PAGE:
Studies about the incidence of PDPH have reported a wide range of estimates, depending on target populations, types of needles and lumbar puncture techniques (Alstadhaug 2012). For example, during anaesthetic procedures such as epidural anaesthesia, PDPH is most commonly caused by an unintentional dural puncture (Thew 2008; Turnbull 2003). However, in diagnostic or therapeutic lumbar punctures, the need for adequate CSF flow requires an intentional lesion that may trigger the PDPH phenomenon (Kuczkowski 2006). Estimated frequencies of this event vary from less than 10% after spinal anaesthesia (Vallejo 2000) to 36% after diagnostic lumbar puncture (Lavi 2006; Vallejo 2000), and up to 81% in obstetrical patients with inadvertent dural puncture during active labour (Berger 1998; Choi 2003).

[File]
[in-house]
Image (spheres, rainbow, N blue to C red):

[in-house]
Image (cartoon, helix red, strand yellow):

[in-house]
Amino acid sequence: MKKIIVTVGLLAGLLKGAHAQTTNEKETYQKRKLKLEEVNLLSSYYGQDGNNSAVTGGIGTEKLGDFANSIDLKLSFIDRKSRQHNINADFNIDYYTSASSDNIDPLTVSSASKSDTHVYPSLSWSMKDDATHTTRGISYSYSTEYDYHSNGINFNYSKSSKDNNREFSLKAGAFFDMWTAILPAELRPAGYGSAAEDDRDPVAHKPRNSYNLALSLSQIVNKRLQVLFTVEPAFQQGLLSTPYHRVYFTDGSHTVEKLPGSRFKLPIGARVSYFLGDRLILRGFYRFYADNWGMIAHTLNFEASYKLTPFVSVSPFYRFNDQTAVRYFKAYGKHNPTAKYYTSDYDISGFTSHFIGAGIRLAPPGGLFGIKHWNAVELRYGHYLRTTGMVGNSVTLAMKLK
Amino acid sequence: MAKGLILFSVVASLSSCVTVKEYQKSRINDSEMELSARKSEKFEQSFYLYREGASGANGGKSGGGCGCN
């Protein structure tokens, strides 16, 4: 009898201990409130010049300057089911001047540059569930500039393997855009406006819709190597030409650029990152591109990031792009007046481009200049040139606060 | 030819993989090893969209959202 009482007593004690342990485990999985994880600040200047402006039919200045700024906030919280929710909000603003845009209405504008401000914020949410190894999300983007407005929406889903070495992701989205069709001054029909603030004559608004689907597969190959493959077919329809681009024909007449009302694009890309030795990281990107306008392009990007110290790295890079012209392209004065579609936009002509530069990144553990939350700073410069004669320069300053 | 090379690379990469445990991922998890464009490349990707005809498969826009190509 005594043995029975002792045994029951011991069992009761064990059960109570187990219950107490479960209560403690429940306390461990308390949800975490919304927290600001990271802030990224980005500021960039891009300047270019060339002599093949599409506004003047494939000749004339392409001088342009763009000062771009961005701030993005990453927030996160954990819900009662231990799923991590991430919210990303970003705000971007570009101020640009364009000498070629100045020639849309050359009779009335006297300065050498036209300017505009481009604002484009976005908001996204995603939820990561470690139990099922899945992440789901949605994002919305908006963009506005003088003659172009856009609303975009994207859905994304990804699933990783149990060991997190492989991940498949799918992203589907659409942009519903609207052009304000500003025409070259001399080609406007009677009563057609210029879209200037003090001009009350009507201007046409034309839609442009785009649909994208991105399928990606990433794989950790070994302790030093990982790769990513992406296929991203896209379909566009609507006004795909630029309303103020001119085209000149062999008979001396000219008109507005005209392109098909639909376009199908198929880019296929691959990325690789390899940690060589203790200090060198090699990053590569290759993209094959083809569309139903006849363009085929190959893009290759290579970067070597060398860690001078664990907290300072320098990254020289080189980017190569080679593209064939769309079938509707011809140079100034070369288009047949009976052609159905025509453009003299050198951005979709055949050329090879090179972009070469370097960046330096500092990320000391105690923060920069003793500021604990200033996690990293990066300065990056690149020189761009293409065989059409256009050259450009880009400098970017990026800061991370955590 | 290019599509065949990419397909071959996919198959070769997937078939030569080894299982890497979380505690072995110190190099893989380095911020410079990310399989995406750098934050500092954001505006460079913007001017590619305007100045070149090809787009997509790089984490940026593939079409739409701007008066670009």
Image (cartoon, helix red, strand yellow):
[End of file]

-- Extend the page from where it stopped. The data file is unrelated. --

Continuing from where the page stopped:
The characteristics of PDPH are often variable. It may be accompanied by neck stiffness, tinnitus, hearing loss, photophobia and nausea, among others. Other characteristics such as the location and duration of the headache are also unpredictable (Grande 2005). Although PDPH is not a life-threatening condition, physical activity is often restricted. Patients are usually required to stay in bed the entire day, and length of hospital stay and use of medical services are increased (Angle 2005). The variability in symptom profiles makes PDPH a diagnosis of exclusion. Alternative diagnoses (e.g. viral meningitis, sinus headache, intracranial haemorrhage) should be ruled out first (Turnbull 2003).